As of 6:03 pm ET today, winter is here. With winter solstice comes the longest day of the year so I thought it was fitting to share a winter dessert: red wine poached pear tart.
This recipe comes from the infamous David Lebovitz. The recipe was easy to follow and the flavors were amazing. Only suggestion would be to let the tart cool longer than 15 minutes because my crust didn’t hold up to the hot liquid—this only effected the appearance, not the flavor.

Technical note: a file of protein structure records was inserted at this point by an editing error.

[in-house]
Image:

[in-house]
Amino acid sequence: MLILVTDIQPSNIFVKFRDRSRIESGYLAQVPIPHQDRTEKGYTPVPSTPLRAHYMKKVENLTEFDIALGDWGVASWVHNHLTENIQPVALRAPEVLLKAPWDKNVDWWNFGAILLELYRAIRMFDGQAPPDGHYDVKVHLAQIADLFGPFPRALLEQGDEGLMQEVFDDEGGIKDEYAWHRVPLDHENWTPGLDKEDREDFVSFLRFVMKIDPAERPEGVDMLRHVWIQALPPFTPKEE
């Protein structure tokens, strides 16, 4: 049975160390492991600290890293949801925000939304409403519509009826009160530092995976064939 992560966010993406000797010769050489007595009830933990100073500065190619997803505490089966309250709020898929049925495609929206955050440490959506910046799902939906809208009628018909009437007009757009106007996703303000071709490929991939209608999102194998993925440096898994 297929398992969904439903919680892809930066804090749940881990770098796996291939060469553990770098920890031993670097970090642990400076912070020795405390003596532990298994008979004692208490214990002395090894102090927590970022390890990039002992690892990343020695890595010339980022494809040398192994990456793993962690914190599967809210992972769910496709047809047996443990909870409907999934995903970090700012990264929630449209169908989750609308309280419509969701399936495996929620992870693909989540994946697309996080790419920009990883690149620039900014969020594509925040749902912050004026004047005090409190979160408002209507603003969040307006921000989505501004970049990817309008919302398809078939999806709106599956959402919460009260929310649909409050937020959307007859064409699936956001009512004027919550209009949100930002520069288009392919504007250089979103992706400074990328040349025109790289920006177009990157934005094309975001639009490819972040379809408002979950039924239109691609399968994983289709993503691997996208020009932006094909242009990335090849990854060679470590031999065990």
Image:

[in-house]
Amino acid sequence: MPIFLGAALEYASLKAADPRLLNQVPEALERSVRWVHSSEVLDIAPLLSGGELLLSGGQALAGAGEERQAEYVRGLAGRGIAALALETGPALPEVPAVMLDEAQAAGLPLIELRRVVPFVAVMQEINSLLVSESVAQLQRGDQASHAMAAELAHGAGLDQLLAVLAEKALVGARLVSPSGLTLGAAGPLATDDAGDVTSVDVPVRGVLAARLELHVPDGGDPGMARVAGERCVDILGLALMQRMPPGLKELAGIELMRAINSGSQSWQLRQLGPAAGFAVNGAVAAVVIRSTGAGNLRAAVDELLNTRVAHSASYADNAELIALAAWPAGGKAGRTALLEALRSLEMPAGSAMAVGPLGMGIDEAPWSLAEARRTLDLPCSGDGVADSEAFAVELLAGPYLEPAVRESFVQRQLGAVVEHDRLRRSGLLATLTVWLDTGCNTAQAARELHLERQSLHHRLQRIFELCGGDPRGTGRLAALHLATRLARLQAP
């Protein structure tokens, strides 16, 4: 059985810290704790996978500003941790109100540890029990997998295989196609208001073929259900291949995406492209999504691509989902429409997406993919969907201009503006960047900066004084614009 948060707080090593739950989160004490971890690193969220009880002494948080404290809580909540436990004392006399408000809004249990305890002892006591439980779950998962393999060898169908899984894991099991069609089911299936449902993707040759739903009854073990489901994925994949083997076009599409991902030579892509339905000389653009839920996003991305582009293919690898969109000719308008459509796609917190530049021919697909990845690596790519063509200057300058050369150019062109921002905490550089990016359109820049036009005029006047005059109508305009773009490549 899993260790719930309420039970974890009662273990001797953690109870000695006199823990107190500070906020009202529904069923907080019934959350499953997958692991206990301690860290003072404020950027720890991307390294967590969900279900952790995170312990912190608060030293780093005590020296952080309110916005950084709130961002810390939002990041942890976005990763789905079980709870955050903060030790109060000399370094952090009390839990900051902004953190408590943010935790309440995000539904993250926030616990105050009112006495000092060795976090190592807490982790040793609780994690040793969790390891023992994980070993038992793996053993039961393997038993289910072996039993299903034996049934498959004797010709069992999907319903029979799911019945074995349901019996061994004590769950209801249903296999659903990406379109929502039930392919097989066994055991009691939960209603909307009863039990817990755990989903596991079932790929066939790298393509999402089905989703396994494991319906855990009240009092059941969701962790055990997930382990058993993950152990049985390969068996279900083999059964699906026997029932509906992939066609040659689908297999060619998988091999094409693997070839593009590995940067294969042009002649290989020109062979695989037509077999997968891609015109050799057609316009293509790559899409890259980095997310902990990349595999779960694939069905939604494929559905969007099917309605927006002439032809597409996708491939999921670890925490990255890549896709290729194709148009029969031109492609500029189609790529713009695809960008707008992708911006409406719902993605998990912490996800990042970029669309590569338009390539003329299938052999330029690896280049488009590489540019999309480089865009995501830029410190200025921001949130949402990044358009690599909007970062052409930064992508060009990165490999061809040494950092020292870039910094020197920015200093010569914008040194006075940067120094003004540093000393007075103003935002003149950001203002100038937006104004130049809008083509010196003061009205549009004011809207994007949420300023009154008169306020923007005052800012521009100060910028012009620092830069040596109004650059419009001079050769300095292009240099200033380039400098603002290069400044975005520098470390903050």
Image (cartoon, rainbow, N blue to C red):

On our second day in Hong Kong Phil took us outside of the city to Lantau Island. We took a cab to get there and got very lucky with getting one. One way to get to to the island is to take the Ngong Ping 360 which is a gondola. We were a little slow to get up that morning. Why were we slow? It actually wasn’t because of the street beers we had consumed the night before but instead because we had to get a full american breakfast at the Flying Pan and Starbucks. Yep that was us. Becky and I got the Bloody Bull which was a bloody Mary with beef stock so we thought we were being semi cultural with our breakfast? After our cultural breakfast we got to the spot to get on the Ngong Ping 360 and there was a 45 minute wait so we decided to take the bus instead. We got in line for the bus and it was looking like a two hour wait so we said we can splurge and get a cab; by splurge I mean about $4 a person. We got in line for the blue cabs that specifically go to Lantau Island because the red ones do not (little tip). Slowly we noticed that in the 15 minutes that we stood there only one cab came. At this speed and with the amount of people in front of us we could have been in this line for two hours. We decided to go back to the original plan, Ngong Ping 360. We were in line for about five minutes when a blue cab pulled up to drop some people off. Phil hopped the fence and grabbed the cab. Alas we were on our way. Back to my original point, get there early or stick to one line.